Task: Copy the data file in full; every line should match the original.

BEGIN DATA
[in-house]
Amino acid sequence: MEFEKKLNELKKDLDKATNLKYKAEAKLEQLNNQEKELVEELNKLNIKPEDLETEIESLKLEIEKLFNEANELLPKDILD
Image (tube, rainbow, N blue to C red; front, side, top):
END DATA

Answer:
[in-house]
Amino acid sequence: MEFEKKLNELKKDLDKATNLKYKAEAKLEQLNNQEKELVEELNKLNIKPEDLETEIESLKLEIEKLFNEANELLPKDILD
Image (tube, rainbow, N blue to C red; front, side, top):